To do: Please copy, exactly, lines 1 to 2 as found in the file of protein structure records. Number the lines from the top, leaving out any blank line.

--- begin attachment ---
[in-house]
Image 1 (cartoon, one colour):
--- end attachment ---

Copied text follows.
[in-house]
Image 1 (cartoon, one colour):